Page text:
Why must the Dark Knight be so dark

Mason Dredge

The first trailer for the much anticipated “The Batman” has finally emerged from the shadows. 

Matt Reeves (director of “Dawn of the Planet of the Apes”) will direct the new film starring everybody’s favorite smelly sad boy, Robert Pattinson, as the titular caped crusader. The trailer promises a high-octane detective story with Batman having to solve a series of gruesome, riddle-themed murders. It’s another reimaging of Gotham City, one full of grit and darkness.

And maybe a little too much darkness. For the past fifteen years of movies (and through three different incarnations), Batman has been an edgy character. A superhero who operates in moral grey areas, who lacks the boy scout-ish hang ups that hold his super friends back from delivering true justice.

Just saying that idea out loud, it sounds subversive and innovative, and at one point, maybe it was. However, after such a long time, the idea of a gritty Batman has run its course. Even if the new trailer looks like a quality movie (which it does) it does not stop the entire idea of a “realistic” Batman taking a death worse than Jason Todd’s (that’s a little Batman joke, google it).

In other mediums such as cartoons or comics, Batman is more balanced. He is a depressing and conflicted character, but one that exists in a comic book world. When done correctly, this is the peanut butter and chocolate combination of the comic book world. When you strip away the colorful and sometimes outright goofy world that his original creators, Bill Finger and Bob Kane, constructed him in, you’re left with a drab and rough character doing morally questionable things. It’s hard to feel good when watching modern Batman movies, even though, if anything, that’s how a superhero movie ought to make you feel.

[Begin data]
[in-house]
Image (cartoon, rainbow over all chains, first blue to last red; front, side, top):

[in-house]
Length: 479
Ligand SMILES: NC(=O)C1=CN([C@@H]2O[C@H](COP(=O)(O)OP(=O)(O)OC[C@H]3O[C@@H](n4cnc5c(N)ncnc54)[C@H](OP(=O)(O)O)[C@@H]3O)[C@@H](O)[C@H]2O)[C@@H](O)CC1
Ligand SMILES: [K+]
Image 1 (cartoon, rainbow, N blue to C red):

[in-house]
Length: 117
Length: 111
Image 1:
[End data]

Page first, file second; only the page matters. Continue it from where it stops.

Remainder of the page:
And while there are certainly more pressing issues in the world right now than Hollywood’s misunderstanding of Batman, it’s a shame that a potentially inspiring character turned into such a totalitarian jerk. What makes Batman great is that he has no superpowers. His choice to be a hero comes not from a responsibility he feels to make the world a better place because he was born with or gifted great powers. He chose to become something greater, to do everything within his will to make the world a better place.

And that is ultimately a more relatable notion than most of his heroic cohorts. There is no way to be Superman or the Flash or Green Lantern. Realistically, there’s no way to be Batman without an unending flow of cash, but the idea of Batman, the idea of committing oneself to good out of simple virtue, is something anyone can do.

The Dark Knight trilogy touched on this thematically, but more recent iterations have dived headfirst into the idea of Batman being a fascist. A much talked about scene in “The Batman” trailer is where Batman beats a thug to the ground in a savage and psychotic manner. It’s a cool scene, for sure, but it’s sad to see Batman reduced to power fantasy.

The movie isn’t out yet and there are very few details known about it, so it’s very possible that none of these concerns for this film are valid. Regardless, it would be nice to see Batman lighten up, just a bit.

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